He put the tunic on Aaron, tied the sash around him, clothed him with the robe and put the ephod* on him. (Leviticus, 8:7)

* Ephod: A garment worn over the robe.

Using clothes made of linen:

In his book Manaqib, Ibn Shahr Ashub relates: "He (the Prophet Muhammad [may God bless him and grant him peace]) would wear clothes of woven linen and cotton. Most of the blessed one's clothes were white.7

The Makarim al-Akhlaq relates: "Linen was one of the prophets' clothes."8

For Aaron and his sons, they made tunics of fine linen—the work of a weaver—and the turban of fine linen, the linen headbands and the undergarments of finely twisted linen. The sash was of finely twisted linen and blue, purple and scarlet yarn—the work of an embroiderer—as the Lord commanded Moses. (Exodus, 39:27-29)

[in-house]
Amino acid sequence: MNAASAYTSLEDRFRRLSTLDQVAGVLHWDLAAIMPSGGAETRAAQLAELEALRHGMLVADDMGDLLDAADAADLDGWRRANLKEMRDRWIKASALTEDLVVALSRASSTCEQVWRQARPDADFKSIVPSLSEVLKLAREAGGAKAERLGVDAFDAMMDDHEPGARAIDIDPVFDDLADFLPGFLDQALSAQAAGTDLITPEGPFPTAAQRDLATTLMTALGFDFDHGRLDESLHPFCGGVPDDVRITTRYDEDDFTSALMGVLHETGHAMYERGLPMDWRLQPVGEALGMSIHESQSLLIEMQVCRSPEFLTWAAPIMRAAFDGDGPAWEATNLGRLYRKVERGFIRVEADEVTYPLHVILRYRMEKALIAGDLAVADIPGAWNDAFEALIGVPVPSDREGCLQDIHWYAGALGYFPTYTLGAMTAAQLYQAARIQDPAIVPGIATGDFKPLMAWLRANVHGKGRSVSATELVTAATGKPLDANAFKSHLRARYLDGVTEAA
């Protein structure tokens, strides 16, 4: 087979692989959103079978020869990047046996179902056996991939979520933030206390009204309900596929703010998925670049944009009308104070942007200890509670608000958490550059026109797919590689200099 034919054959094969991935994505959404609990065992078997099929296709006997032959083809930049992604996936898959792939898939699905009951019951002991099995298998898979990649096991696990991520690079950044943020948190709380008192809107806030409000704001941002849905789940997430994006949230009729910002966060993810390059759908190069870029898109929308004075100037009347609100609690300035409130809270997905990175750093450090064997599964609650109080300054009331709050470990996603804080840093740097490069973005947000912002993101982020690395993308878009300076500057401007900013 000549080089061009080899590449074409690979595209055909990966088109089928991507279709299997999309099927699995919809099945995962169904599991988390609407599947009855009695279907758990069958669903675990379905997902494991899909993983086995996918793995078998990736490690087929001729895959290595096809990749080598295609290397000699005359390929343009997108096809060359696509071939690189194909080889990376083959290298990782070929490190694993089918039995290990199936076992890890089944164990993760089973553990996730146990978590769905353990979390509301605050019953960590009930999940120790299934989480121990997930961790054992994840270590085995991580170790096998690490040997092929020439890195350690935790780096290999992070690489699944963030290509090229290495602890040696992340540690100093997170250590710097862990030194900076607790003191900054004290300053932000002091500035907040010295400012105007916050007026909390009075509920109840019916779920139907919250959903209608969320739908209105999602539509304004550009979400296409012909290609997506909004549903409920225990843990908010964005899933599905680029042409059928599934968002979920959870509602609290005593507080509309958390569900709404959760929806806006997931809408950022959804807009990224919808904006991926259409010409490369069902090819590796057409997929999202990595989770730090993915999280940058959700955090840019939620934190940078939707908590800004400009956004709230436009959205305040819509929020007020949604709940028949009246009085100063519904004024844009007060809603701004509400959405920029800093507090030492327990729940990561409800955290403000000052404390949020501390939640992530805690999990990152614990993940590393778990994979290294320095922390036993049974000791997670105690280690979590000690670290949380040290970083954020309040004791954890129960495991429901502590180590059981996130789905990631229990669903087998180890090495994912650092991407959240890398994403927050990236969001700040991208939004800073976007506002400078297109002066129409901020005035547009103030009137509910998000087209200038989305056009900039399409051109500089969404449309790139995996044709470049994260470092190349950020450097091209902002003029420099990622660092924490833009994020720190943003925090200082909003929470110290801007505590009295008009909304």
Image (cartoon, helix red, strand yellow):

"Make linen undergarments... reaching from the waist to the thigh. Aaron and his sons must wear them whenever they enter the Tent of Meeting or approach the altar to minister in the Holy Place..." This is to be a lasting ordinance for Aaron and his descendants. (Exodus, 28:40-43)

They are to wear linen turbans on their heads and linen undergarments around their waists. They must not wear anything that makes them perspire. (Ezekiel, 44:18)

He is to put on the sacred linen tunic, with linen undergarments next to his body; he is to tie the linen sash around him and put on the linen turban. These are sacred garments; so he must bathe himself with water before he puts them on. (Leviticus, 16:4)

Using the turban:

He (the Prophet Muhammad [may God bless him and grant him peace]) would wear the turban over his skullcap.9

According to the account, the Prophet (may God bless him and grant him peace) would wind his turban around him three or five times.10

He had a turban referred to as al-sahab, and he gave this to the blessed Ali, when Ali came wearing this turban God's Messenger (may God bless him and grant him peace) said, "Ali has come to you inside al-sahab."11

Then I said, "Put a clean turban on his head." So they put a clean turban on his head and clothed him, while the angel of the Lord stood by. (Zechariah, 3:5)